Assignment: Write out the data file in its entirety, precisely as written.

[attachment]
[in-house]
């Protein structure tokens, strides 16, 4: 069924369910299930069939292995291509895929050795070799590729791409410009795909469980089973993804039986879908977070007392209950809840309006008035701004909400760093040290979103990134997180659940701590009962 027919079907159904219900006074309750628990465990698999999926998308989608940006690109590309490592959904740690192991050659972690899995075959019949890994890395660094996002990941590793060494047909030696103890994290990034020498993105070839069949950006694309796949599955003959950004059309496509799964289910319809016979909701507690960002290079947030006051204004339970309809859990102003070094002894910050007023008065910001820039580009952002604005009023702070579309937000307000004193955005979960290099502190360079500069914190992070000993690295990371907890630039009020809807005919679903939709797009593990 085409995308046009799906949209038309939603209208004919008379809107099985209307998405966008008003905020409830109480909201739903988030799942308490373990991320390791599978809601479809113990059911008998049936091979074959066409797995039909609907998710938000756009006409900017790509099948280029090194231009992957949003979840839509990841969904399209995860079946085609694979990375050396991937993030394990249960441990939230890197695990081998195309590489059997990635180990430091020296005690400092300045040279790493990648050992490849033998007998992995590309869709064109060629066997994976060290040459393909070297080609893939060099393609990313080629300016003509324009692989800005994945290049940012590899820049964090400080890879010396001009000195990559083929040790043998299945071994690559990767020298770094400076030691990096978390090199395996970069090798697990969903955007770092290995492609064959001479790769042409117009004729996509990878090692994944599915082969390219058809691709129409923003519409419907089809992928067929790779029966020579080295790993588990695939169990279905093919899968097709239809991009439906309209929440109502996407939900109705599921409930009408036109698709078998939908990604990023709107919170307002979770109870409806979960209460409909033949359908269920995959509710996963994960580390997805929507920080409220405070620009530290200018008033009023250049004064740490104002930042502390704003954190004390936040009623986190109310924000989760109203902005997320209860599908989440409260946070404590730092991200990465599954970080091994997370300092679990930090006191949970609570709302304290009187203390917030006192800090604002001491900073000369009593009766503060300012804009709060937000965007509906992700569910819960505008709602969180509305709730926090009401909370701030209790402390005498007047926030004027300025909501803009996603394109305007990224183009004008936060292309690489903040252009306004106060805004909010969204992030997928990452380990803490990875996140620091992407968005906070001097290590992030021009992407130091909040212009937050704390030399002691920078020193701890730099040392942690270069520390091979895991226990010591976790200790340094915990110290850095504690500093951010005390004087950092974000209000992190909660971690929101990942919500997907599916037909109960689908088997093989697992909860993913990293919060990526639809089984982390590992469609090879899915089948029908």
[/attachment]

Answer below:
[in-house]
């Protein structure tokens, strides 16, 4: 069924369910299930069939292995291509895929050795070799590729791409410009795909469980089973993804039986879908977070007392209950809840309006008035701004909400760093040290979103990134997180659940701590009962 027919079907159904219900006074309750628990465990698999999926998308989608940006690109590309490592959904740690192991050659972690899995075959019949890994890395660094996002990941590793060494047909030696103890994290990034020498993105070839069949950006694309796949599955003959950004059309496509799964289910319809016979909701507690960002290079947030006051204004339970309809859990102003070094002894910050007023008065910001820039580009952002604005009023702070579309937000307000004193955005979960290099502190360079500069914190992070000993690295990371907890630039009020809807005919679903939709797009593990 085409995308046009799906949209038309939603209208004919008379809107099985209307998405966008008003905020409830109480909201739903988030799942308490373990991320390791599978809601479809113990059911008998049936091979074959066409797995039909609907998710938000756009006409900017790509099948280029090194231009992957949003979840839509990841969904399209995860079946085609694979990375050396991937993030394990249960441990939230890197695990081998195309590489059997990635180990430091020296005690400092300045040279790493990648050992490849033998007998992995590309869709064109060629066997994976060290040459393909070297080609893939060099393609990313080629300016003509324009692989800005994945290049940012590899820049964090400080890879010396001009000195990559083929040790043998299945071994690559990767020298770094400076030691990096978390090199395996970069090798697990969903955007770092290995492609064959001479790769042409117009004729996509990878090692994944599915082969390219058809691709129409923003519409419907089809992928067929790779029966020579080295790993588990695939169990279905093919899968097709239809991009439906309209929440109502996407939900109705599921409930009408036109698709078998939908990604990023709107919170307002979770109870409806979960209460409909033949359908269920995959509710996963994960580390997805929507920080409220405070620009530290200018008033009023250049004064740490104002930042502390704003954190004390936040009623986190109310924000989760109203902005997320209860599908989440409260946070404590730092991200990465599954970080091994997370300092679990930090006191949970609570709302304290009187203390917030006192800090604002001491900073000369009593009766503060300012804009709060937000965007509906992700569910819960505008709602969180509305709730926090009401909370701030209790402390005498007047926030004027300025909501803009996603394109305007990224183009004008936060292309690489903040252009306004106060805004909010969204992030997928990452380990803490990875996140620091992407968005906070001097290590992030021009992407130091909040212009937050704390030399002691920078020193701890730099040392942690270069520390091979895991226990010591976790200790340094915990110290850095504690500093951010005390004087950092974000209000992190909660971690929101990942919500997907599916037909109960689908088997093989697992909860993913990293919060990526639809089984982390590992469609090879899915089948029908």